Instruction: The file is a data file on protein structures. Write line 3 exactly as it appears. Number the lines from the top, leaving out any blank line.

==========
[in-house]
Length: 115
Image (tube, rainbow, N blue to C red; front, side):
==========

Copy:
Image (tube, rainbow, N blue to C red; front, side):